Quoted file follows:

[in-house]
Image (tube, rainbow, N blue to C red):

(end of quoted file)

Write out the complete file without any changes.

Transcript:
[in-house]
Image (tube, rainbow, N blue to C red):